There have been pretenders, most notably the gyroball. The gyroball was supposed to be a pitch thrown like a bullet, rotating such that it would move through the air without drag. It turned out to be a mistake pitch called a back-up slider (essentially a slider without break which, if it could ever be consistently commanded, might be at best circumstantially useful). The most striking characteristic of the gyroball, besides its mostly mythic nature, was its ability to generate mass hysteria and excitement, eloquently demonstrating the appeal of a new kind of pitch.

It’s not that I don’t like the pitches we have. There’s plenty of variety in terms of break length, direction, and velocity. It’s just that it would be cool for there to be something genuinely new: a way of tossing a baseball 60 feet, 6 inches that nobody had ever used before. At this point, most of the pitches which are both a) consistent with human physiology and b) able to get MLB hitters out have already been discovered, but perhaps there’s still some method out there waiting to be found.

Maybe someone will figure out how to throw a 90 mph knuckleball with all of the break of an 80 mph pitch. Maybe the gyroball is better than we thought, and with a few mechanical tweaks C.J. Wilson will be tossing an unbeatable strike. Maybe, as MLB’s global reach expands, some talented youngster from Mongolia will introduce us to the Yakball, a pitch so fearsome paeans will be written to its awesomeness. For now, we can only hope… and wait. —Robert Arthur

6. A Three-Way Playoff Tiebreaker
We sort of had this last year, with the Rangers and Rays playing a tiebreaker game for the chance to face the Indians in a postseason game. Not the same thing as a three-way tie, but the spirit was embodied.

The automatic one-game play-in may have watered down this pipe dream, but there could ostensibly be a three-way tie for a division, for example, where neither team would otherwise qualify for a wild card. (Looking your way, AL Central.)

Last September itemized the potential blast radii of chaos that could result from two-, three-, and four-way tie scenarios. They spent more time explaining who would play whom, rather than digging into the emotions or amount of blood loss sustained when 162 games are converted into nine innings for the chance to play one more game for the chance to play, technically, a best-of-one postseason series.

It will happen someday and it shall be splendid. Pray your team is not involved. Maybe it will be a four-team tiebreaker. Maybe five! And certainly not in our lifetime, probably not in our children's lifetime, but specifically in the year 2391, the league will have all teams finish 81-81 and require 15-way tiebreakers. We're not sure how it will end but your descendants are going to spiritually lose it. —Matt Sussman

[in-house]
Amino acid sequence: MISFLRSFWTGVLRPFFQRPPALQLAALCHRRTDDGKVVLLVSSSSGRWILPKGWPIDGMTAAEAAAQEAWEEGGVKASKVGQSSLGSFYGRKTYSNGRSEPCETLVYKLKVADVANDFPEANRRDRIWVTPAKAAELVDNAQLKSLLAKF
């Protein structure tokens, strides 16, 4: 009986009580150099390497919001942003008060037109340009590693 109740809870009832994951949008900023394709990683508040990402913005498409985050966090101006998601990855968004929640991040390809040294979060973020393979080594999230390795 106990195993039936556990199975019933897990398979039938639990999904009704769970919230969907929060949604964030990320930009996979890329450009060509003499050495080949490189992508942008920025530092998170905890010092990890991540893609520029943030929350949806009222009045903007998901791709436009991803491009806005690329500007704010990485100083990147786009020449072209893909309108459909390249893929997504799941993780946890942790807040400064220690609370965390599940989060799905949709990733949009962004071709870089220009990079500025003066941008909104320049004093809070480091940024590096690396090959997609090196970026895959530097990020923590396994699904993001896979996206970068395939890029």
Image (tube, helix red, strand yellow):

7. Brian Cashman in Charge of a Poor Team; Billy Beane in Charge of a Rich One
Brian Cashman is, by most accounts, a pretty good GM. He's won more World Series than any GM alive, and he seems well suited to his market, knowing just the right amount of did-he-really-just-say-that straight talk to feed to the horde of writers that follow his team. Billy Beane is, by nearly all accounts, a pretty good GM. He's won more games with less money than perhaps any GM of his generation, depending on how you want to define the terms. But, of course, he's building great teams not just in spite of his limitations but because of them; his particular genius almost seems to require the nutrient-poor soil and indirect sunlight in which, for instance, Moss can grow abundantly. And Cashman is building great teams in the sort of soil where, if we're honest, we all genuinely believe we could have won five or more championships ourselves. Who is truly the better GM? How much does each owe to his surroundings? What would Cashman do in Beane's suit? What would Beane do in Cashman's suite? Baseball needs a Freaky Friday to find out. —Sam Miller

8. A Red Sox World Series Win My Five-Month-Old Son Can See
You’ve probably noticed it's been a rough time for the Red Sox recently. They haven't won a World Series since last season, a full lifetime if you’re only five months old. In fact, the franchise hasn’t won a single playoff game during that time, or finished with a winning record. It has to be tough to be a fan under those conditions. My five-month-old son has had to live like this for his whole life. He’s known only failure and pain. Think about that! In his whole life he’s never seen his team make the World Series or the playoffs. In fact, all he does is cry. The doctor says it’s something called “colic,” but I know that Johnny is just a true, died-in-the-wool Red Sox fan. He bleeds red. It’s true! One time he fell down and cut his finger and the blood that came out was red! I was like, ‘I knew it!’ So imagine how he must feel, to never see his team win. That’s tough, man. I tell him that all the time. “Hey, Johnny,” I say. “It must be tough. I don’t know how you do it. Spit up if you understand.” And you know what? Johnny spits up every single time. Then he cries. Because he knows the pain of being a fan of a team that has never won in his lifetime.

So if I could have one baseball wish, one thing that I would put at the top of my baseball bucket list, one thing I want more than anything, it would be this: I want the Red Sox to win, just once, for Johnny. That’s not too much to ask for. Just once! And I’ll go to him and I’ll say, “Johnny! Johnny! The Red Sox finally won! Finally! It’s been so long but they’ve finally done it! They’ve done it for you, Johnny! For you!” And you know what? Johnny will look up, his eyes meeting mine, and he’ll smile. Then he’ll spit up. Then maybe he can take a nap in peace*.